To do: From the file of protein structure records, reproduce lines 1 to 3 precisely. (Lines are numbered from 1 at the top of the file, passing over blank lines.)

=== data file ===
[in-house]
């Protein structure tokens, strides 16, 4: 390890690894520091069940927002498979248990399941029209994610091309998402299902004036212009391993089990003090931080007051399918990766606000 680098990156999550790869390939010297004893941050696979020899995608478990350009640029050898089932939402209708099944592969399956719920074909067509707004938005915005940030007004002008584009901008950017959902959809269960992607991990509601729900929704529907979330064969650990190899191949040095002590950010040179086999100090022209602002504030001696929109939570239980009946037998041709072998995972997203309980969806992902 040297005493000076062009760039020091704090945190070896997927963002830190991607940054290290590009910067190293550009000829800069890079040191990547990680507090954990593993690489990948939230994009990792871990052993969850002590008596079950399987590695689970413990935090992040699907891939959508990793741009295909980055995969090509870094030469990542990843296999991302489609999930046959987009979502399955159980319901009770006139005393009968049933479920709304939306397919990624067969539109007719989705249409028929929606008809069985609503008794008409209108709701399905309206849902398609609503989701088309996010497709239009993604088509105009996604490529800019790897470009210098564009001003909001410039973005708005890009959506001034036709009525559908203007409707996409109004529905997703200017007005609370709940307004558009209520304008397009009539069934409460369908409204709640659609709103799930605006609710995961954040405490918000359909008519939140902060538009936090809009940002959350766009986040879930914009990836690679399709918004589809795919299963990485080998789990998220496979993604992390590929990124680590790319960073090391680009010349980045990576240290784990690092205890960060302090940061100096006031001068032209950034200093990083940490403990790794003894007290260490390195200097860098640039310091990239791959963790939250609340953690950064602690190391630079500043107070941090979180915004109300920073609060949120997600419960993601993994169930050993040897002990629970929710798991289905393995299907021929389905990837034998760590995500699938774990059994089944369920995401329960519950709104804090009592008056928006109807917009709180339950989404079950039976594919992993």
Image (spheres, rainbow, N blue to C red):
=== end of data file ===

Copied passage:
[in-house]
């Protein structure tokens, strides 16, 4: 390890690894520091069940927002498979248990399941029209994610091309998402299902004036212009391993089990003090931080007051399918990766606000 680098990156999550790869390939010297004893941050696979020899995608478990350009640029050898089932939402209708099944592969399956719920074909067509707004938005915005940030007004002008584009901008950017959902959809269960992607991990509601729900929704529907979330064969650990190899191949040095002590950010040179086999100090022209602002504030001696929109939570239980009946037998041709072998995972997203309980969806992902 040297005493000076062009760039020091704090945190070896997927963002830190991607940054290290590009910067190293550009000829800069890079040191990547990680507090954990593993690489990948939230994009990792871990052993969850002590008596079950399987590695689970413990935090992040699907891939959508990793741009295909980055995969090509870094030469990542990843296999991302489609999930046959987009979502399955159980319901009770006139005393009968049933479920709304939306397919990624067969539109007719989705249409028929929606008809069985609503008794008409209108709701399905309206849902398609609503989701088309996010497709239009993604088509105009996604490529800019790897470009210098564009001003909001410039973005708005890009959506001034036709009525559908203007409707996409109004529905997703200017007005609370709940307004558009209520304008397009009539069934409460369908409204709640659609709103799930605006609710995961954040405490918000359909008519939140902060538009936090809009940002959350766009986040879930914009990836690679399709918004589809795919299963990485080998789990998220496979993604992390590929990124680590790319960073090391680009010349980045990576240290784990690092205890960060302090940061100096006031001068032209950034200093990083940490403990790794003894007290260490390195200097860098640039310091990239791959963790939250609340953690950064602690190391630079500043107070941090979180915004109300920073609060949120997600419960993601993994169930050993040897002990629970929710798991289905393995299907021929389905990837034998760590995500699938774990059994089944369920995401329960519950709104804090009592008056928006109807917009709180339950989404079950039976594919992993």
Image (spheres, rainbow, N blue to C red):